And the effect of righteousness will be peace,

   And the result of righteousness, quietness and trust forever.

Isaiah 32: 17

This is a verse from a part of Isaiah where the prophet is describing how things will be when the Lord has returned and restored the land and its people to His desired state. His return is necessary, for peace is not something that we do a very good job of establishing on our own. In fact, I have confidence in saying that peace and its close corollary, peacemaking are not the sort of thing that most of us even place significant value upon. We might grant some form of honor to people who we say are going about the business of seeking after peace, but in fact, we are still mostly concerned with control and the power that grows out of that dominance. This world tends to view peace as something that is gained by virtue of force, conquest, superior might, high and strong fences, and by keeping those that we find uncomfortable or frightening at a seemingly safe distance.

Too much of the human concept of peacemaking is framed in by the approaches and the standards that are described above. None of this is in conformity with the way that God views the same topic. The Lord desires to draw close to all people, and He does not care about any of the concerns or issues that we use to define those who we would isolate or insulate ourselves away from. The Lord seeks after people who are distant or different from others, for there is no one on this earth that is not a part of His familial circle. God has poured out love, grace, mercy, and understanding upon all people, and He continues to treat each and every one of us in this manner for as long as we draw breath upon the earth. In all of this, Christ calls to His people to enter into the righteousness of peace. We are to be people who set aside all of the worldly ideas of what it means to be a peacemaker so that Christ’s love for others and His desire to care for their bodies, hearts, and souls can become our own calling.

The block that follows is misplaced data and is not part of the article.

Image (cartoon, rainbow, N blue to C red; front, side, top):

We live in a time when the desperation and the struggles of a world that is sold out to gaining its form of peace through the utilization of force and dominance is the common theme. Most of our governments and the majority of our leaders are invested heavily in building up our arsenals of destructive weapons and of finding ways to utilize them to greatest possible effect in our quest for power and prominence. This is not the path of righteousness that Christ desires for us to follow, and it is not the way that He modeled for us to live, either. In the face of ultimate human power, Christ demonstrated complete submission to the Father’s will, and in the end our Lord prevailed absolutely over all the strength and the false might that this world could throw at Him. We do not yet live in the days that are to come when Christ will establish His redeemed kingdom upon this broken planet, but we can dwell in Christ’s presence every day of our lives, and we can be truly righteous by seeking to be peacemakers in every situation that we encounter. We can also speak forth Christ’s peace into our surroundings and promote the form of loving care and acceptance that Christ desires and that He calls out as righteous.